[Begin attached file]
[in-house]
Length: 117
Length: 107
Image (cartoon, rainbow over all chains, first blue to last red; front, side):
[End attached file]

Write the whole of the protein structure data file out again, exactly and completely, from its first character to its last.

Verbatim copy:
[in-house]
Length: 117
Length: 107
Image (cartoon, rainbow over all chains, first blue to last red; front, side):